KSrelief has signed agreements with multiple international agencies, including UNRWA, the World Food Programme, the World Health Organization, and the International Committee of the Red Cross.
He added: “We have teams also in El-Arish who are located there to coordinate with the UN agencies, international agencies and regional agencies such as the Egyptian Red Crescent and the Palestinian Red Crescent.
“The flights are continuing from Riyadh to El-Arish daily, as are the shipments by sea. We have plans to keep those ships going on, and the flights going on, to ensure that we have enough supplies close to the corridors so that we can access them as quickly as we can.”
KSrelief and the Egyptian Red Crescent on Nov. 23 signed a memorandum of understanding for the cooperation of aid delivery to Gaza, facilitating the sending of aid by land and air routes.
Al-Rabeeah said: “The Egyptian authorities have been very cooperative. They have been instrumental to our work, and they have helped us a lot, either at El-Arish Airport or at the sea port of Port Said.”
He added that KSrelief had held multiple virtual meetings with the Palestine Red Crescent Society and UNRWA “to ensure that their … logistic needs are met.”
In addition to coordinating the massive undertaking of supporting Gaza with aid, Al-Rabeeah has a personal connection to the region.
He has performed dozens of operations in the last 30 years to separate conjoined twins as part of the Saudi Program for the Separation of Conjoined Twins, and in the process has helped make the Kingdom the world’s leader in such surgeries.
UK to start Gaza surveillance flights to help find hostages
The UK has said at least 12 British nationals were killed in the October 7 attacks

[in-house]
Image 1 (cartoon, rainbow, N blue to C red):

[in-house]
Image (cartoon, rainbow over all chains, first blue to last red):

Updated 03 December 2023
LONDON: The UK’s military will conduct surveillance flights over Gaza to help locate hostages held by Hamas since its October 7 attack on Israel, Britain’s defense ministry confirmed at the weekend.
Hamas fighters seized around 240 Israelis and foreign hostages, according to Israeli authorities. Around 110 have since been freed, mainly during a recent week-long truce.
Israel’s military said on Friday it had resumed fighting in the besieged Palestinian territory, blaming Hamas. The resumption of combat has frustrated hopes for the swift release of the more than 130 captives the Israeli army has said are still being held in Gaza.
The UK has said at least 12 British nationals were killed in the October 7 attacks — in which Israeli officials say about 1,200 people died, mostly civilians — and that a further five are still missing.
But it has not confirmed how many are being held by Hamas.
Israel responded to the October 7 attack by vowing to eliminate the militant group and its subsequent relentless air and ground campaign has killed more than 15,000 people, also mostly civilians, according to the Hamas authorities who run Gaza.
London did not reveal when its military surveillance flights over the territory would start but stressed they would be unarmed and focused only on hostage recovery efforts.
“In support of the ongoing hostage rescue activity, the UK Ministry of Defense will conduct surveillance flights over the Eastern Mediterranean, including operating in air space over Israel and Gaza,” it said in a statement.
“Surveillance aircraft will be unarmed, do not have a combat role, and will be tasked solely to locate hostages,” the ministry added.
“Only information relating to hostage rescue will be passed to the relevant authorities responsible for hostage rescue.”
UK government minister Victoria Atkins told the BBC on Sunday that the aircraft to be utilized were “unarmed and unmanned drones.”
Alongside the United States, the UK in October deployed various military assets to the eastern Mediterranean to deter “any malign interference in the conflict.”
That included maritime patrol and surveillance aircraft as well as a Royal Navy task group moving to the region, the defense ministry said at the time.
Gazan evacuees take flight with their shattered dreams: Arab News journalist Sherouk Zakaria reflects on the mission she joined
Arab News boarded the fourth UAE mission that left Abu Dhabi on Friday afternoon to evacuate 120 injured Palestinian children and cancer patients
Renewed airstrikes near Rafah border allowed only a few lucky Palestinian patients to leave
Updated 03 December 2023